Unsustainable bushmeat hunting has emerged as a major threat to wildlife populations in Africa, with demand for bushmeat from the continent’s fast-growing cities putting serious strains on many species, especially in West and Central Africa. The bushmeat trade is also associated with an increased risk of propagating zoonotic diseases.
Pangolins in particular are facing growing threats of extinction in both Africa and Asia. In Africa, they are hunted for local consumption of their meat, while their scales are increasingly exported to Asia for use in traditional Chinese medicine.
The global threats to pangolins were recognized by the Convention on International Trade in Endangered Species of Wild Fauna and Flora (CITES) in 2017, which placed all eight pangolin species on its Appendix I of most endangered species, banning all international trade. The government of Cameroon followed suit by banning the hunt- ing, capture, killing and trade of all three indigenous pangolin species.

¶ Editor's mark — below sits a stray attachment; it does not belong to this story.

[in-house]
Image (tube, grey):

This study was designed to assess bushmeat and pangolin consumption patterns in Cameroon, concentrating on the cities of Douala and Mbalmayo. The objective was to provide information to help plan a campaign to raise awareness among city dwellers of the threats facing pangolins, and to promote their conservation...